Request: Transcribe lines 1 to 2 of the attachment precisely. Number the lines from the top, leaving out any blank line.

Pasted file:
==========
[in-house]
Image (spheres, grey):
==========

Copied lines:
[in-house]
Image (spheres, grey):